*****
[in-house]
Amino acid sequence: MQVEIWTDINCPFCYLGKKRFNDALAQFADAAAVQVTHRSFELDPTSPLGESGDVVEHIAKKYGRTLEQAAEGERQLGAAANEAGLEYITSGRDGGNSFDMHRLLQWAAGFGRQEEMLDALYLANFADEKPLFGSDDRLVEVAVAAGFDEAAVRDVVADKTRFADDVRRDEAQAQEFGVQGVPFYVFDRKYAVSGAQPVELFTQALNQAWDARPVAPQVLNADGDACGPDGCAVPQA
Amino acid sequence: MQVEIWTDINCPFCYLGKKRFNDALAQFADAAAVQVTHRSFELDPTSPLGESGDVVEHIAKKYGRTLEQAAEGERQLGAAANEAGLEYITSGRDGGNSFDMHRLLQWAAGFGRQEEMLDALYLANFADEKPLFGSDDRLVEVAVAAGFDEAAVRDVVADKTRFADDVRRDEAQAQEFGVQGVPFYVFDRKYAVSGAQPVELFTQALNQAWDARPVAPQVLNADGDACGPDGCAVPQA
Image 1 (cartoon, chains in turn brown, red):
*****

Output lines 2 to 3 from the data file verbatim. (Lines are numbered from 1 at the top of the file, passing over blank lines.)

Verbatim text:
Amino acid sequence: MQVEIWTDINCPFCYLGKKRFNDALAQFADAAAVQVTHRSFELDPTSPLGESGDVVEHIAKKYGRTLEQAAEGERQLGAAANEAGLEYITSGRDGGNSFDMHRLLQWAAGFGRQEEMLDALYLANFADEKPLFGSDDRLVEVAVAAGFDEAAVRDVVADKTRFADDVRRDEAQAQEFGVQGVPFYVFDRKYAVSGAQPVELFTQALNQAWDARPVAPQVLNADGDACGPDGCAVPQA
Amino acid sequence: MQVEIWTDINCPFCYLGKKRFNDALAQFADAAAVQVTHRSFELDPTSPLGESGDVVEHIAKKYGRTLEQAAEGERQLGAAANEAGLEYITSGRDGGNSFDMHRLLQWAAGFGRQEEMLDALYLANFADEKPLFGSDDRLVEVAVAAGFDEAAVRDVVADKTRFADDVRRDEAQAQEFGVQGVPFYVFDRKYAVSGAQPVELFTQALNQAWDARPVAPQVLNADGDACGPDGCAVPQA